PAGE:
I thought perhaps it might not go to plan when my daughter developed an extremely high temperature on Thursday night, so much so that her bed sheets were wet with sweat during the night. I decided that my husband would just have to be capable of looking after her, so I left him the medicine and instructions, NHS 24 phone number and their dates of birth, I knew he would remember their birthdays but thought perhaps when he was bombarded with personal questions about the children, he might not actually remember the year they were born. She was much better in the morning so this put my mind at rest and she got the day of school and came with us to collect my mum and take us to the train station. I though she might be deeply upset that I was leaving her, she wasn't!
We took the west coast from Glasgow to Euston station on a very nice Virgin train. The journey was very pleasant and relaxing and on time. We were met by my mum's friend who we were going to visit, she has moved to London to sheltered accommodation to be nearer her daughters and grandchildren, she gave us our Oyster cards and we set off on the underground. We stayed in a guest room in the sheltered accommodation.
On Saturday we went to Covent Gardens and spent time taking in the shops and the entertainment, it was like being abroad, the weather was great, the sun was spliting the sky and there was a fabulous atmosphere. We walked over the Hungerford bridge to see the London Eye, we didn't go on it, I just wanted to see it. There was loads going on - painted men, street dancers, men miming and we watched two young boys, possibly 15-16, of Chinese or similar origin doing 'keepy up' with a football, I stood and recorded them for the full 5 minutes on my phone as my son loves all these fancy moves and even gave them money, something that I never do. I took pictures along the way to show the kids, thinking all the time, how much they would enjoy themselves here, but at the same time enjoying the fact I didn't have to be responsible for them. Our last stop was Trafalgar Square, which was lovely and clean, there were tourists sitting on the lions having their photo's taken, the fountains, apart from some gravel in the bottom, were clear and working. In Glasgow the fountains don't work, the water is green and slimy and usually full of beer cans and the statue of The Duke of Wellington has a traffic cone on its head, although this is now part of it's history, every time the authorities remove the cone it is returned, so they have given up and decided it should remain part of the landmark. Perhaps that's why Nelson's Column is so high up, to keep the Glaswegians from crowning him with a police cone!
We spent the evening at home sipping wine, eating pizza and chatting, I have to say I did most of the chatting, after 2 glasses of wine and it was only Lambrusco, my tongue just wouldn't stop. It was a tiring day, all that fresh air, exercise and underground hoping, but thoroughly enjoyable.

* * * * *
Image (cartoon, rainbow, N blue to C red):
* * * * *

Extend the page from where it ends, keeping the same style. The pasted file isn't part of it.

On Sunday morning we walked to the local park, which was a laugh, my hips were sooooo sore, although I never sit down, I don't actually walk anywhere and the previous day had worked areas that quite clearly had not been worked for a while. We met with our friends daughter, who I grew up with as a cousin and her children who are 3 and 15 months, it was only for half an hour but it was too long a way to go and not meet with them.
We then made our way to King's Cross station for our return journey home via the east coast, there had been a freight train accident on the west coast, so our Nation Express train, with not so quite nice a toilet, was very busy, we got back to Glasgow at 8.36pm, on time and I was home for 9.30.
I have learned from this trip that public transport is not a problem and I should try using it more, I did not miss my kids as much as I thought I would, although I did speak to them every day. I did need the break. My mum, although good company, is a pain in the arse - she didn't have enough space, didn't have a shelf in the bathroom to put her glasses on, couldn't work without a routine and took much longer to get ready than me. I am much more adaptable than my mum. Taking 2 pensioners out for the day is worse than taking 2 children, simply because the children hear you and ignore you, the pensioners really just can't hear you and you spend the time, repeating your own or worse still the other pensioners conversation. My mum will go from now on, on her own. I dread the day when she is to old to go on her own and I have to start taking her! And finally I need to learn to work my phone as the 5 minutes I spend videoing 'the football boys' had not saved on my phone and I was deeply disappointed!
I though perhaps taking a trip away would change the children's behaviour - NOT. The hubby did iron the school uniforms, exactly what they needed for Monday and polished my son's shoes, I was quite impressed and happy that I polished my daughters shoes myself. And the house - it was as dirty as I had left it......